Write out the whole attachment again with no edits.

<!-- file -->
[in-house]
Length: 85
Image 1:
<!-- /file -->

[in-house]
Length: 85
Image 1: